A Brief Guide to Personal Injury Protection (PIP) Insurance


Personal injury protection is an extension of auto insurance that covers medical bills and in most cases, lost wages.  It’s commonly referred to as “No-Fault” insurance as its inherent comprehensiveness compensates lawsuits irrespective of who was responsible for the accident. If you are PIP coverage holder and are injured in an accident, you can enjoy full benefits whether you were at fault or not. In addition to lost wages and medical expenses (including medical & surgical treatment, medication and ambulance fees), PIP insurance also takes care of costs like rehabilitation services and transportation to medical appointments. A Brief Guide to Personal Injury Protection (PIP) Insurance

  • PIP insurance is mandatory in 16 states. However, if you live in a state that doesn’t oblige you to have this kind of insurance, you can still choose to get it if:
  • You often drive with passengers in your car that could hold you liable for their medical costs in case they got injured in a road crash

You don’t have a comprehensive healthcare insurance coverage – a good health insurance plan renders PIP less necessary. For example, if you stay in Nevada and have medical payments coverage, you won’t need PIP because the policy will take care of your medical expenses irrespective of fault. It also pays for any injury to a person in your vehicle.

Filing a PIP claim

If you are a no-fault insurance holder, then you and your entire household may get PIP benefit after sustaining a bodily injury due to entering, occupying or using a car. You will also be eligible when injured as a pedestrian after being hit by a car or anything that’s thrown from a vehicle. You can be entitled to compensation when injured in a passenger bus – but not school buses. PIP also won’t be eligible if you use your vehicle for public service – like Uber and stuff.

Your insurance provider will often want a written notice following the accident. But the compensation will almost always come after you present your medical bill for your injuries to the company. Once you submit your bill, you will be required to file a PIP form, which highlights the basics of your injuries, date of the accident, and the medical solutions you have received so far. The insurance provider may need you to present a notice of “commencement of treatment” if you are receiving treatment in another place that’s not a hospital – like your personal doctor and so on. This notice should be availed within 21 days of your first office visit; otherwise, you will be subject to a reduced payout.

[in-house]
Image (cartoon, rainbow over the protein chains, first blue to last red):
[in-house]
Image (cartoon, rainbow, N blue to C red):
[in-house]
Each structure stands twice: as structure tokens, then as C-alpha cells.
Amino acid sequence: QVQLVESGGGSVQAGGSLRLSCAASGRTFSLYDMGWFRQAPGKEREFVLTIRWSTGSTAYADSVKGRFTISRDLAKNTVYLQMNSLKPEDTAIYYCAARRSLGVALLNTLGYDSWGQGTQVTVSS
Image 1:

Working with a lawyer

The process of submitting PIP claims is similar to filing a suit to any insurance company – and can be daunting, especially when you are injured or taking care of an injured person. It involves gathering medical records, finding medical records going back five years, collecting the names of any witness to the accident, finding a copy of police report, submitting pictures or videos of the crash, making copies of any photographs of your physical injuries and so on. Having a lawyer by your side removes all these hassles from the process. Your lawyer will take care of the legwork for you, so you can focus on getting better. They will also serve as your legal guide and advocate when the need arises.
Related:
5 Signs You Need to See an Orthopedic Doctor
5 Simple Ways to Understand Your Legal Rights When Injured at Work
What to Do If You Have Been Injured in A Car Accident

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About Karren Haller

I am a +70 Blogger that loves connecting with other women through blogging. A new recipe always intrigues, finding a new craft, creating bracelets occasionally and gardening is a favorite and writing brand reviews is a favorite for my readers. But most of all the connection to other bloggers. Creativity, simple life and getting things done

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